A landmark discovery has shed new light on the origins of life in Britain - with archaeologists confident they finally know the identity of the country's oldest town.
It had long been believed that Thatcham in Berkshire was the oldest continuous settlement in the UK.
But researchers at the University of Buckingham believe Amesbury, which is 40 miles (64km) west and home to Stonehenge, in fact holds the distinction of being the birthplace of history in Britain - an honour confirmed by the Guinness Book of Records.
They say the new findings dismiss previous theories that the Wiltshire town was conceived by European immigrants - instead, relics uncovered during a painstaking search point to British settlers being behind the settlement, which dates back to more than 10 millennia.
David Jacques, research fellow in archaeology at the University of Buckingham, who led the dig, said: "The site blows the lid off the Neolithic Revolution (deemed the first agricultural revolution in Middle Eastern history) in a number of ways. It provides evidence for people staying put, clearing land, building and presumably worshipping monuments.
"The area was clearly a hub point for people to come to from many miles away, and in many ways was a forerunner for what later went on at Stonehenge itself. The first monuments at Stonehenge were built by these people.
"For years people have been asking 'Why is Stonehenge where it is?' Now, at last, we have found the answers."
Carbon dating from an archaeological dig by the university shows that the parish of Amesbury has been continually occupied for every millennia since 8,820BC. The origins of Amesbury have been discovered as a result of carbon dating bones of aurochs - twice the size of bulls, wild boar and red deer - following a dig at Vespasian's Camp, Blick Mead, a mile-and-a-half from Stonehenge.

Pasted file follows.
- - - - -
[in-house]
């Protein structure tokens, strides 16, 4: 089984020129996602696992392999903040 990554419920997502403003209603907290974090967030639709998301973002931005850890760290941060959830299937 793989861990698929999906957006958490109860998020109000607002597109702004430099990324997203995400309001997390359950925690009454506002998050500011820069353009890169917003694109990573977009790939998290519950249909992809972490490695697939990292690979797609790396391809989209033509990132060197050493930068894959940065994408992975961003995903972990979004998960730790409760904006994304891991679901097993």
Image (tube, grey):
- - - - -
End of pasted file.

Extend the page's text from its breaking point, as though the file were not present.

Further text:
It dates the activities of the people who were responsible for building the first monuments at Stonehenge, made of massive pine posts, and show their communities continuing to work and live in the area for a further 3,000 years, close to the dawn of the Neolithic when Stonehenge was first built.
Archaeologists say the results provide the the missing link between the erection of the posts between 8,820 and 6,590BC, and of Stonehenge in 3,000BC. The findings provide evidence which suggests that Stonehenge, rather than being seen as a neolithic new build in an empty landscape, should be viewed as a response to long-term use of the area by indigenous hunters and home-makers.
Further findings appear to shed light on the persistent use of domestic farming techniques at Blick Mead, now believed to be used by settled communities rather than nomadic peoples.
The dig, which took place in October and was funded by the University of Buckingham, also unearthed the largest haul of worked flints from the Mesolithic period.
During a six-week dig, 31,000 flints were discovered in a 16 sq m (172 sq ft) area and more than 2,000 were found in a 1 sq m (11 sq ft) - the largest concentration of such finds in Europe.
Bill Dunn, spokesman for the Amesbury History Centre, said: "We are naturally delighted at the confirmation of Amesbury's longevity as the oldest continuous inhabited place in England.
"We have always known Amesbury as somewhere special and this confirms it.
"All the visitors to the museum are amazed at what they find, and we hope even more people will now visit."